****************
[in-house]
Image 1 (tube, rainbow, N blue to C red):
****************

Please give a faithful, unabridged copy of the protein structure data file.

[in-house]
Image 1 (tube, rainbow, N blue to C red):